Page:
In a recent Interview with Ms. Martins, a WHS spanish teacher, she said “We started this club because we want to teach people about the Portuguese language and culture. We both have personal experiences and both are fluent in the language.”
Mrs. Martins is very involved in the Portuguese community. She enjoys traveling and learning about other languages and cultures and she said “I would love for students to feel that same passion. We would love to pass on the knowledge and experience to others”.
I also had the opportunity to meet with Mrs. Russo, who is also a WHS spanish teacher. She expressed her thoughts on what the club's goals are. “The Portuguese club is open to everyone and we will explore and highlight the culture of Portugal.
Some of the interests that were expressed were food, share recipes, music, dances, celebrations, history, famous places to visit and learn basic words so you can have dialogue exchange. We want students to make connections to real life experiences and leave with something they can use in the future. I want this to be a fun, non-threatening program, where everyone can feel welcome.”
Mrs. Russo said, “I encourage everyone to get involved and to get out of their comfort zone and try something new. Be a part of the Portuguese Club and have fun! ”
You can too be a part of this club at anytime, just email Mrs. Russo or Ms. Martins and let them know you are interested in joining the club.
Clubs during Covid: What changes are implemented with health and safety in mind?
By: Noah Haskins and Quinn Shive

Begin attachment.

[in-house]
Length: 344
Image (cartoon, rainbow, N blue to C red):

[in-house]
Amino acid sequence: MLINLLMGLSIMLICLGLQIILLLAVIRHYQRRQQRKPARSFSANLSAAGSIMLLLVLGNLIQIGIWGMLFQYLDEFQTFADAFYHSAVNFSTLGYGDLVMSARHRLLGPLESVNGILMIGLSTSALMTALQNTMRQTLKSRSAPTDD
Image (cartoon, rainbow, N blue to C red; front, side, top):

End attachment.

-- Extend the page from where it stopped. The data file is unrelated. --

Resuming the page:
The whole world has been changed by the global pandemic and it’s undeniable that our way of living has been completely uprooted by this change. For many students, the way they go through their day to day basis is completely alien to them.
One of the biggest parts of high school are the clubs you have access to. You can join a group of likeminded people and have fun and interact with people who have the same interests as you do. At WHS in particular, we have all sorts of clubs from robotics to drama to biking and everything in between.
Nowadays, COVID-19 has changed the way students participate in these clubs. We interviewed Mr. McKinnon, the advisor of the weightlifting club, about these changes. He told us a little about his club, he said, “Weight lifting club is where any student can come and learn the proper way to strength train.”
When asked about what changes have been made due to the virus, Mr. McKinnon said, “COVID has altered how our club will operate. For one, we are going to assign lifting groups per squat rack, this way the same students will workout together each day. Also, we will be completing a self-assessment google form each day. This form allows the student to recognize if they are experiencing any symptoms of COVID. During our workouts, we are required to wear masks to help prevent any spread.”